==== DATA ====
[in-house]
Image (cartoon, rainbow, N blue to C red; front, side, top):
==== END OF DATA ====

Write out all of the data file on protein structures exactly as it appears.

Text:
[in-house]
Image (cartoon, rainbow, N blue to C red; front, side, top):